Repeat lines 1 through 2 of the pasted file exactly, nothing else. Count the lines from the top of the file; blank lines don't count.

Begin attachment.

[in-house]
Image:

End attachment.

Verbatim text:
[in-house]
Image: